The emerging greenhouse gas reduction market can potentially catalyze projects withimportant local environmental, economic, and quality-of-life benefits. The Kyoto Protocol¶sClean Development Mechanism (CDM), for example, enables trading between industrial anddeveloping nations, providing a framework that can result in capital flows to environmentally beneficial development activities. Although the United States is not participating in the KyotoProtocol, several US programs enable similar transactions on a voluntary and regulatory basis.
 
While international trade in greenhouse gas
 
reductions holds substantial promise as a sourceof new funding for sustainable development, this market can be largely inaccessible to manysmaller-scale projects, remote communities, and least developed localities. To facilitate participation and broaden the benefits, several barriers must be overcome, including: a lack of market awareness among stakeholders and prospective participants; specialized, somewhatcomplicated participation rules; and the need for simplified participation mechanisms for small projects, without which transaction costs can overwhelm the financial benefits of  participation. If the barriers are adequately addressed, greenhouse gas trading can play animportant role supporting activities that benefit people¶s lives and the environment.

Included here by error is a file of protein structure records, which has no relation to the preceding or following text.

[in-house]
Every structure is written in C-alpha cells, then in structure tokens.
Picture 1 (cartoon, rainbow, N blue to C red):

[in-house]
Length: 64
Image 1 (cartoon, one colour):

Popularity and effectiveness
Ongoing debate
The popularity of such marketing approach and its effectiveness is hotly debated. Supportersclaim that environmental appeals are actually growing in number±the Energy Star label, for example, now appears on 11,000 different companies'
 
models in 38 product categories, fromwashing machines and light bulbs to skyscrapers and homes. However, despite the growth inthe number of green products, green marketing is on the decline as the primary sales pitch for  products. (NEEDS CITATION) On the other hand, Roper¶s Green Gauge shows that a high percentage of consumers (42%)
 
feel that environmental products don¶t work as well asconventional ones. This is an unfortunate legacy from the 1970s when shower headssputtered and natural detergents left clothes dingy. Given the choice, all but the greenest of customers will reach for synthetic detergents over the premium-priced, proverbial "HappyPlanet" any day, including Earth Day. New reports, however show a growing trend towardsgreen products .
Confusion
One challenge green marketers -- old and new -- are likely to face as green products andmessages become more common is confusion in the marketplace. "Consumers do not reallyunderstand a lot about these issues, and there's a lot of confusion out there," says JacquelynOttman(founder of J. Ottman Consulting and author of "Green Marketing: Opportunity for Innovation.")
]
Marketers sometimes take advantage of this confusion, and purposely makefalse or exaggerated "green" claims. Critics refer to this practice as "green washing´